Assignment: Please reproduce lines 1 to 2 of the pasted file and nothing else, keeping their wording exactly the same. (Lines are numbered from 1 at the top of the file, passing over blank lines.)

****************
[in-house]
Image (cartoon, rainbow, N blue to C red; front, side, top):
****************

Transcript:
[in-house]
Image (cartoon, rainbow, N blue to C red; front, side, top):